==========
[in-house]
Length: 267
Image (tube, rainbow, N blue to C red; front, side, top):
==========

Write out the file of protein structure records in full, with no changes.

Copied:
[in-house]
Length: 267
Image (tube, rainbow, N blue to C red; front, side, top):